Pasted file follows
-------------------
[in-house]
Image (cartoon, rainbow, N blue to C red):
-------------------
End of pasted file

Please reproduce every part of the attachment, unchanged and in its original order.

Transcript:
[in-house]
Image (cartoon, rainbow, N blue to C red):